Weber Shandwick in Australia has released the results of its annual food trend report, Food Forward 2013, which highlights artisan supermarkets, Wagyu restaurants and sweet/savoury flavour combinations to be some of the biggest upcoming food trends in Australia.
Food Forward 2013 is an annual trend report which reveals sentiment about Australian food culture from more than 1,000 consumers and leading taste-makers from around the country including food editors, chefs, food bloggers and nutritionists.
From nominating the top food news stories of the year, to culinary trends that will shape our food experiences in the coming 12 months, survey participants were asked to share their insights and predictions about the food culture of Australia. The top insights revealed five trend clusters – commonalities between individual trends – which are predicted to shape the 2013 food preference, purchase and consumption of Australia. These are:
The butcher, the baker, the candlestick maker; Woolworths and Coles are introducing bakeries, butcheries, sushi-chefs and pizzerias in various stores across the country, enabling consumers to personalise their food shopping like never before.
Familiar Dining Novelties
Bigger kitchens and nostalgic menus will encapsulate restaurants trends in 2013, with unstructured menus making entrées and mains a thing of the past. This casualisation of the menu will also see the adoption of children’s food for grown-ups and a growing number of food trucks on our streets.
International Flavour Duopoly
South American and Asian flavours will boom in Australia in 2013, with Korean, Wagyu and Peruvian restaurants; spicy food from northern China; and Kimchi – a fermented Korean dish made of vegetables – showcasing a wider range of flavours. Mexican foods and flavours will also continue to boom, becoming an essential part in any Aussie kitchen.
Aussie consumers will go back to basics in the kitchen, breathing new life into staple ingredients. Vegetables will become the centerpiece of Aussie meals; novel foods from nature, such as the Kakadu Plum and Warrigal Greens, will be gracing our plates; and we may even see a rise of edible insects like grasshoppers and locusts.
Flavour Loss, Flavour Gain
Natural sweet and savoury flavours will be combined to create new taste sensations for an evolving Aussie palate, with a growing desire to taste real flavours of food untarnished by excess sugar and salt.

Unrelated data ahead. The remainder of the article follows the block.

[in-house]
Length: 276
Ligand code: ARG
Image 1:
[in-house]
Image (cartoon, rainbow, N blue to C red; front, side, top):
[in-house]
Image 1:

As part of the survey, Australians were asked to choose the most significant food stories of 2012,
and how these food stories impacted their food habits throughout the year.
1. Food Prices Hit Record Highs
More than 50% of Australians surveyed nominated this as the most significant story of 2012. Articles detailed that food prices were forecast to reach record highs in 2013 with skyrocketing agricultural commodity prices causing the world to re-enter a period of “agflation”.
2. Fruit and Vegetable Growers Fear They May Be Victims in Supermarket Wars
Coming in close second (47% of votes) was news that Australian fruit and vegetable growers were to become the latest victims in the supermarket price wars after Coles slashed its fresh produce prices.
3. The Price is Ripe: Buyers Feel Squeeze as Tomatoes Leave Salad Days Behind
Third place (21% of votes) was allocated to news about tomato prices soaring in September, reaching as high as $12 a kilogram, making it the most expensive fruit in some supermarkets.
News coverage continues to be a major influence of consumer purchase behaviour, with 25% of those surveyed changing their food habits as a result of what appeared in the media. These include:
• Almost 45% sought out cheaper food alternatives
• 41% paid more attention to making healthier food choices
• Almost 40% purchased only Australian-made produce and cooked more at home
• 20% purchased only free-range produce
• 17% paid more attention to the nutritional value of food selected in restaurants
Food Forward 2013 is a year-end food survey developed by Weber Shandwick, one of Australia’s leading public relations agencies. The report aims to challenge everyday thinking about the food culture of Australia and fuel further discussion between retailers, brands and consumers.